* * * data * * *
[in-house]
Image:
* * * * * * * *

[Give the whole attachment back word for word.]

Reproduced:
[in-house]
Image: